I hope you had a chance to check out the resources I posted in my last blog for teaching art to special needs children. Since 1973 with the passing of the Rehabilitation Act, we have been the ones in the forefront of including students with disabilities into our art room. I vividly remember when a class of children who were Severely and Profoundly Impaired (Life Skills) were introduced into our elementary school. I had never seen children with such serious disabilities, let alone interacted with them. As I began to teach them through art, I got to know their personalities, their strengths and limitations. It was a remarkable experience that blossomed into the Masters in Art Education with an Emphasis in Special Populations.
These days more and more children are being diagnosed with a Learning Disability, Autism and Attention Deficient Hyperactivity Disorder and they are being included in the art room. We are the ones who are teaching them as well as a classroom of “typical” children. We are beginning to stockpile relevant information, share art lessons, and get practical information through articles, conferences, and graduate courses. Here is a fantastic site for art lessons posted by Lauren Stichter. These are lessons from college students in a college course she teaches.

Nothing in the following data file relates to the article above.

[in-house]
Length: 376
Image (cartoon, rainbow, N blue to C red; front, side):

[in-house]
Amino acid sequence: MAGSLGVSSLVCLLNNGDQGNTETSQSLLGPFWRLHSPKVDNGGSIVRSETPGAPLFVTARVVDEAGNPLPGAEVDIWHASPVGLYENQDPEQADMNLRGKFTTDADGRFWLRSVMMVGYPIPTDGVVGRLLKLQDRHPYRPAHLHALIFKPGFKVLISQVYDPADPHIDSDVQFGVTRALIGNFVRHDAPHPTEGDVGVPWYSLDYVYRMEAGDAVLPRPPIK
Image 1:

The Special Needs Issues Group (SNAE) of the NAEA was founded in 2001, when like-minded art educators teaching children with disabilities came together at a NAEA Conference and established SNAE. And it has been only a few years that Council for Exceptional Children (CEC) has had an Arts in Special Education Topic for convention proposals. Now we, under the leadership of Beverly Levett Gerber, are petitioning the Council for Exceptional Children (CEC) to establish a Division of Visual and Performing Arts Education (DARTS). Just think, all of the arts under one roof where we can collaborate, and publish both research materials and best teaching practices, for children with disabilities.
We are beginning to find ways to come out of our classrooms and share ideas through the NAEA Issue Group of SNAE. Hopefully, we can bring all the arts together in CEC under the Division of Visual and Performing Arts to ensure the best arts education for all our students with disabilities.
-Lynne Horoschak | Distinguished Professor
Program Manager of MA in Art Education
Moore College of Art & Design in Philadelphia